MT. ADAMS & EbEN PARK INCLINE PLANE RY. CO.
Chinault was concerned, but it was so far as Dr. Moore's conduct was involved. The meaning of the word as employed in the contract must have reference to such disasters as are brought about through the culpable intention or designing of the assured. In one sensethat of scholastic philosophy-nothing is accidental, but we cannot employ such refinements in the interpretations of contracts of in· demnity against casualties. Nor do I find that the assured was engaged in fighting or violating the law in that sense which ,would invalidate the policy. Dr. Moore was unarmed, and, according to the evidence of the only impartial witness to the tragedy, had made no menacing gestures at the time he was shot. He was, in my opinion, the victim of the nervous apprehension of Dr. Chinault. It does not follow that, if Dr. Chinault should be excused for the homicide, the defendant ought to be relieved of the obligations of the policy. He bad the right to act upon appearances, and, though deceiving, they would relieve him. He may have acted in good faith in apprehen· sion ot immediately impending dangel', and this, according to "some authorities, would excuse him. But such defenses cannot be invoked by this defendant. It must l';Itand upon a calm investigation -of the actual facts. 4. The point that no notice was given of the assured's death is not well founded in fact. The evidence of the secretary at the home office in New York shows that prompt notice was there received and acted upon. 5. Nor does the fact that litigation is pending in Arkansas constitute a bar. Judgment will accordingly be entered for the plaintiff for the sum of $5,000, with 6 pel' cent. interest from the date of the institution of this suit.
LOWRY v. MT. ADAMS & EDEN PARK INCLINE PLANE RY. CO. (Circuit Court, S. D. Ohio, W. D. June 3, 1895.) No. 4,782,
A verdict of $7,500 for personal injuries causing great sutTering, and resulting in permanent disability, of a man who had previously been earning $300 a month, is not excessive. The fact that a judge, in charging the jury, has failed to refer to eel" tain facts which would have borne in favor of the defeated party, is not gronnd for a new trial, when the jury has been told that all issues of fact were to be determined by them. on the testimony, and that the comments of the court were for the purpose of illustration only. Rules of procedure upon motions for new trials, contained in state stat· utes, do not apply in the federal courts upon such motions, which must be determined according to the course of the common law.
CHARGING JURy-CmBfENT ON FACTS.
PRAc'rICE-MoTION FOR NEW TRIAL.
4, NEW TRIAI,-NEWT,y·DISCOVERED EVIDENCE.
Newly-discovered evidence which is merely cumulative or merely contradictory of other evidence is not ground for a new trial.
This was an action for personal injuries by Joseph A. Lowry ;a,gainst the !tIt. Adams & Eden Park Incline Plane Railway Com-
Upon the trial the jury gave a verdict for the plaintiff for The defendants moved for a new trial. Denied. O. W. Baker, for plaintiff. Ramsey, :Maxwell & Ramsey, for defendant.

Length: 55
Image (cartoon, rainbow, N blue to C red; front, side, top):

SAGE, District Judge. It is claimed that the verdict, which was for $7,500, is excessive. The testimony is that the plaintiff was earning $300 a month. He was under the charge of a physician for several months. The left thigh was terribly torn and lacerated by the iron head of the tongue of the wagon which which the ear came in collision. The wound was from five to seven inches long, ragged and exceedingly painful. The parts would not reunite until finally skin grafting was resorted to. According to the testimony, some 500 patches were made before the wound was completely healed. The testimony of the surgeons who were in charge .was that the plaintiff was crippled, and would continue to be so during life. The power of extending and retracting the limb was seriously impaired, and the surgeon testified that he was as nearly restored at the time of the trial as he ever would be. In Railway 00. v. Brown. 6 O. C. A. 142, 56 Fed. 804, the court of appeals of the Seventh circuit held that $7,500 was not excessive damages for so injuring a railroad laborer that he became paralytic. In Southern Pac. 00. v. Rauh, 1 C. C. A. 416, 49 Fed. 696, a verdict for $10,000 was sustained upon the testimony of the attending physician, corroborated by that of another medical expert, that the plaintiff could not regain his health, although physicians called by defendant testified that plaintiff ought to recover soon. In Shumacher v. Railroad Co" 39 Fed. 174, the jury awarded $8,000 damages. Judge Parker, in his opinion, said that he was at one time inclined to regard the damages as excessive, but he sustained the verdict, holding that before a court could interfere on that ground the damages must be so excessive and disproportionate as to warrant the inference that the jury was swayed by prejudice, preference, partiality, passion, or corruption. In Osborne v. City of Detroit, 32 Fed. 36, the plaintiff suffered a complete paralysis of the right side, resulting from in· juries occasioned by a defective sidewalk. Judge Brown upheld a verdict of $10,000. I do not feel at liberty to set aside the verdict of the jury in this case upon the ground that it is excessive, nor do I think it my duty to order a remittitur. It is also urged that the charge tended to mislead the jury. It is not claimed that there was any misstatement of law, but that the court failed to refer, in its comments upon the facts of the case, to certain particulars which would have borne in favor of the defendant. The jury were told that all issues of fact were to be determined by them upon the testimony, and that whatever comments the court made were for the purpose of illustrating the statements of law, and were not to control the jury in any degree, with reference to their findings. The charge was altogether oraJ. No exception was taken to the refusal of the court to direct a verdict in favor of the defendant, and to the refusal of the court to give